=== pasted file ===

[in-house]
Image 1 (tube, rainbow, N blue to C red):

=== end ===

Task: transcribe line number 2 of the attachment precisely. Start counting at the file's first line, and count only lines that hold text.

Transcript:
Image 1 (tube, rainbow, N blue to C red):